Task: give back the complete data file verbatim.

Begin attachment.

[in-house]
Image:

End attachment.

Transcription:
[in-house]
Image: